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Revit 2018 CPU Comparison

Written on September 8, 2017 by William George


A lot of our customers use software from Autodesk for various engineering disciplines, but aside from some basic specifications and supported video card lists, there is not much information available on what hardware actually performs best in these applications.

In this article we'll look at several Intel and AMD CPU options that you might consider in an engineering workstation to see exactly how they compare in Revit 2018.

If you are interested in how well different hardware works with Autodesk Revit, don't miss our article on Quadro GPU performance. We also have CPU and GPU articles focusing on Revit 2017.2 if you want to see how performance has changed (or not) from one release to another.

Test Setup

To see how the different Intel and AMD CPUs perform in Revit 2018, we used the following configurations:

These test configurations include seven CPU models across three different platforms. For modeling in general, we typically recommend a high clock speed processor, with less emphasis on the number of cores, although we opted to include the 6-10 core models from Intel's Core X platform as well as AMD's 8-core Ryzen 7 series. This provides three insights: first, we can see if there are any parts of the Revit 2018 workflow which benefit from additional cores. Second, we can see how much of an impact the lower clock speed that accompanies high core count processors will have on performance. Third, and lastly, we can see how AMD's Zen architecture compares to Intel - this is the first time we've included AMD chips in Revit testing here at Puget.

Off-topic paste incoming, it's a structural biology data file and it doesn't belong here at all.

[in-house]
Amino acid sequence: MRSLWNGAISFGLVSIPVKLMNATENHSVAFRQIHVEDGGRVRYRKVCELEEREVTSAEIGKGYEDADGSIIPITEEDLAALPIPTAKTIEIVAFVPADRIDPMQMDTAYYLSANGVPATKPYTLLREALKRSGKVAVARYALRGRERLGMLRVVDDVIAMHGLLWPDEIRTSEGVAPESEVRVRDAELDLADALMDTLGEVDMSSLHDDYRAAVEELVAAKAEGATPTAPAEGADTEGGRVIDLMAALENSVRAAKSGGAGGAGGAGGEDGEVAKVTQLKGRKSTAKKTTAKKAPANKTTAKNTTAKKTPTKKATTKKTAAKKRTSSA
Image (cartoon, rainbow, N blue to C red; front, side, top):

A note about RAM: even though the platforms we tested support different maximum memory configurations, that does not impact Revit performance. Our testbench systems are normally equipped with large amounts of RAM, but in reality only 16-32GB is needed for the vast majority of work in Revit and similar applications. We also selected memory speeds to match what Intel and AMD list as being officially supported for each platform, as we have found that higher frequency memory is more prone to failure.

We performed our testing using a near-final beta of the terrific RFO Benchmark. It is being updated to support Revit 2018, and while the version we used is not quite ready for public consumption the "Full_Standard" variant of the test worked just fine for us Within the RFO Benchmark, the results are broken down into the following categories:

  • Update (converting a file from a previous version to the 2018 format)
  • Model Creation (consisting of several steps involved in creating a new model)
  • Export (converting or printing the resulting model views to various formats)
  • Render (creating a realistic image of the model with accurate lighting and effects)
  • Graphics (refreshing, rotating, and changing view types)

The variant of benchmark we used performs three runs of each test and then averages the results. Those results are presented below.

Benchmark Results

As mentioned, the RFO Benchmark breaks down results into several categories. Some of these consist of many steps, so to provide an overview the results from those sections were totaled in the chart below. Performance is shown with the Core i7 7700K as a baseline.

Revit 2018 RFO Benchmark